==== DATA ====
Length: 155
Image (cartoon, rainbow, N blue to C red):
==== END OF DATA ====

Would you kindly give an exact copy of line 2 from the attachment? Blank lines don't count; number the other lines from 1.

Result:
Image (cartoon, rainbow, N blue to C red):